The Supreme Court has reserved its judgement after the daily hearings in the decades old temple-mosque dispute in Ayodhya came to an end this afternoon after 40 days. The verdict in the case is expected to come before November 17 when the Chief Justice of India Ranjan Gogoi retires.
On the 40th day of hearing, first the Hindu side was given the chance to present its arguments. The advocates of various Hindu petitioners were allotted 45-minute each to present their case. Subsequently the lawyers representing Muslim petitioners were asked to reply.
There were dramatic moments in the court when Rajeev Dhavan, representing Muslim petitioners including the Sunni Waqf Board in the title suit, tore up a pictorial map showing the Ram Janmasthan after asking the court’s permission. He said the map, forwarded by the Hindu petitioners, could not be submitted as evidence since the court had earlier refused to accept it.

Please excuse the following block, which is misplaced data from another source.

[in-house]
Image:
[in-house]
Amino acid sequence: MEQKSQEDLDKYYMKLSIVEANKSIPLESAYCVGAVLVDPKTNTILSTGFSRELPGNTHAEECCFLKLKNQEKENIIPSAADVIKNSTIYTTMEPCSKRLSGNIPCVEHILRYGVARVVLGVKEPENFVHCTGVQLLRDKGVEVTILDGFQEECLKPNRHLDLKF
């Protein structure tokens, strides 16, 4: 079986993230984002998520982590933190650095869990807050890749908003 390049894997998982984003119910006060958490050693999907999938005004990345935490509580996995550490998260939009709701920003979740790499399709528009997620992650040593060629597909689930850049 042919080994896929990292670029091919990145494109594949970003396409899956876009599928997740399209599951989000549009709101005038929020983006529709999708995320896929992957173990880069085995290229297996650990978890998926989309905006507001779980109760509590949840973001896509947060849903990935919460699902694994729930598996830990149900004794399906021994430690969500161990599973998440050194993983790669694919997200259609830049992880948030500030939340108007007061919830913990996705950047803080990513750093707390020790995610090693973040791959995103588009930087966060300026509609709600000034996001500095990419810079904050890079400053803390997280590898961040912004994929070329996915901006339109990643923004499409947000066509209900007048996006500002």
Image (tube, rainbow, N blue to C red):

Following the commotion it caused and interruptions from both sides, Chief Justice Ranjan Gogoi threatened to walk out.
Fourteen appeals have been filed in the top court against the 2010 Allahabad High Court judgment, delivered in four civil suits, that the 2.77acre land be partitioned equally among the three parties, the Sunni Waqf Board, the Nirmohi Akhara and Ram Lala.
The five-judge Constitution bench began day-to-day hearings on August 6 after mediation proceedings by a court-appointed three-member team failed to find an amicable solution to the dispute.